Missouri calls Bucklew’s objections “vague and general.”

“Bucklew has known about his medical condition for decades, and has known for six years that a motion to set his execution date had been sustained,” according to the state’s filing. “He cannot now ask for a stay because testing might generate some proposal for changes in the way he is to be executed.”

Cheryl Pilate, one of Bucklew’s attorneys, described the wait as “pretty nerve-wracking” in a telephone interview Wednesday.

“It’s agonizing, the uncertainty is agonizing,” Pilate said from her office in downtown Kansas City. “There’s no answer, really, I can give to my client if he wants to know what’s going to happen. I can merely try to be supportive during an agonizing and almost unimaginable situation.”

Pilate said she had spoken with Bucklew several times and added that his medical condition is aggravated by stress. When she spoke with him on Wednesday, she said his breathing and speaking sounded labored.

“They have upped his medications for pain and the anxiety associated with it,” she said. “It’s just a great deal of uncertainty. No one knows what is going to happen. We try to maintain a hopeful outlook.”

The situation is also stressful for his attorneys, who have operated “at hyperspeed” as they have turned around and file pleadings as fast as they can type them, she said.

“Everyone’s exhausted, because we’ve been working as close to around the clock as our bodies will allow,” Pilate said. “We tried to get a little bit of rest at least last night because we knew today might be a long day as well.”

Bucklew has said that the botch in Oklahoma has him worried about what could happen if his execution goes awry.

“I’m sick about it not working on me. I’m afraid that it’s going to turn me into a vegetable, that I’d be brain dead,” Bucklew told the Guardian this month. “You saw what happened down in Oklahoma. I’m the next guy up – am I gonna get all screwed up here? Are they gonna screw it up?”

If Bucklew’s execution is halted, it will be the third execution called off in less than a month. Charles Warner was set to be executed in Oklahoma immediately following the botched execution, but when that lethal injection went awry, his execution was postponed so the state can review what happened and its protocols; the Oklahoma attorney general has agreed to delay his execution until at least November. An execution in Texas, scheduled to take place last week, was halted at the last minute because the inmate was deemed to have an intellectual disability.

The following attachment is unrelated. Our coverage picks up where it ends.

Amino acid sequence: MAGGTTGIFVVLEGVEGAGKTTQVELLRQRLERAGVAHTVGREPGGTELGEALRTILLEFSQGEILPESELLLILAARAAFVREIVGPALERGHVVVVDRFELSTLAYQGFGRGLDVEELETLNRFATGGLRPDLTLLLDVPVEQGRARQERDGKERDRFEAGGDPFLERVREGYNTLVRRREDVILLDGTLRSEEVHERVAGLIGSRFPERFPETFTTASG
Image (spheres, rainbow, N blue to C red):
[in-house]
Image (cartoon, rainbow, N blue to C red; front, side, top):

Deborah W. Deno, a Fordham University professor and a death penalty expert, said it seemed like the botch in Oklahoma has made courts more tentative when it comes to approving executions.

“It seems like Oklahoma has legally thrown everyone through a loop,” she said. “It seems to have an effect. It seems to make courts take everything with a greater caution.”

Missouri Gov. Jay Nixon (D) denied Bucklew’s clemency request Tuesday, saying in a statement that Bucklew’s “heinous crimes warranted the death penalty.”

The state, which switched to carrying out executions using an injection of the drug pentobarbital, has executed four people so far this year. That is as many executions as it carried out between 2006 and 2013.

Attorneys for Bucklew have also criticized the secrecy surrounding the state’s lethal injection procedures. Missouri’s refusal to reveal where it obtains the drugs is the subject of a lawsuit filed last week by several news organizations. The Associated Press, the Guardian and three other media organizations sued the Missouri Department of Corrections to try and force the state to reveal where it is obtaining the drugs for lethal injections.

• Everything you need to know about the death penalty in the United States.

• What it was like watching the botched Oklahoma execution.

• Creator of lethal injection protocol: “I don’t see anything that is more humane.”

• See the evolution of the death penalty across the country.

Mark Berman is a reporter on the National staff. He runs Post Nation, a destination for breaking news and developing stories from around the country.